One of the criticisms on the show was about the RSPCA’s behavioural tests, which seems to be a huge contributor to their state-wide euthanasia rates (52% of unclaimed dogs and 64% of unclaimed cats). Nathan Barnes, an animal behavioural trainer and former assessor at the RSPCA, now decries the organisation for their kill rates and the methods in which they justify the euthanasia of companion animals. He went on to explain that any dog that may lunge at a rabbit or moving birds, jumps over a fence, reactive, hesitates at a small noise, etc. could be in danger of being euthanised.
According to Nathan, there is a system of points when the dogs are assessed. If a dog shows food aggression, prey drive, hesitation at noises, then those points could all lead to that dog being euthanised – for showing unwanted behaviour in a high-stress environment. Ask yourself this, would your dog pass their assessment? Would your dog have the nerve to be timid at noises or chase a moving bird?
It’s all very well for Mr Coleman to say that the RSPCA has no choice about what they accept into their shelters – and that is absolutely true – but is that supposed to be a justification for poor behavioural assessments? Is the RSPCA not there to help these animals to the best of their ability? And if that is the case, then I bring it back to my earlier question; why are they not working with rescue groups?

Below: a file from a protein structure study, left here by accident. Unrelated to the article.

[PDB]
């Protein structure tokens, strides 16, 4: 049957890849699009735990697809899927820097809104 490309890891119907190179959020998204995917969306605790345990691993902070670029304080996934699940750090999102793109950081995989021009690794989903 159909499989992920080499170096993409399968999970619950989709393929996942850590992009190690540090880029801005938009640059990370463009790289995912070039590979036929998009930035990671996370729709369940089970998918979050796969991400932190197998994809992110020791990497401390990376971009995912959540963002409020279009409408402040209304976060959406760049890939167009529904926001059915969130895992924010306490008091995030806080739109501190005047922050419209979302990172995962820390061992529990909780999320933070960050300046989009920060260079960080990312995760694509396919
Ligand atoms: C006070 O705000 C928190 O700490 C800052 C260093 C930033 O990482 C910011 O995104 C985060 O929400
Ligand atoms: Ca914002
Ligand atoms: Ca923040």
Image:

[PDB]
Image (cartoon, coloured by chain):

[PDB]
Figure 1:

You won’t find many people in animal welfare disagreeing with the fact that an animal that’s health has declined so badly that it is cruel to keep it alive, should be euthanised. Euthanasia is all about ending suffering. Killing a dog because it failed a point-based system in a high-stress environment is not euthanasia.
Sadly, the RSPCA aren’t alone in their questionable practices and appalling kill rates.
The Lost Dogs Home in Victoria is one of the worst offenders. Miles Heffernan, who was on the show and worked at the LDH, explained how he had to smuggle a dog out because he was malnourished, he ‘probably wouldn’t have made it,’ was food guarding, timid, and was a big dog. No more was said about this on the night, of course, but there should have been a bigger picture drawn here.
A staff member smuggled a dog out of the LDH because otherwise, he would have been killed. And what for? Mainly, it would have been because of his size.
The Lost Dogs Home is well known for being a proponent for Breed Specific Legislation in Victoria, which unfairly targets dogs, based on looks alone and euthanises them. The dog could be completely placid, friendly, of a good temperament, and it would still be in danger. Heck, the dog could be a peace ambassador for two warring nations – it wouldn’t matter, because that dog is big, strong, and has the potential to hurt someone.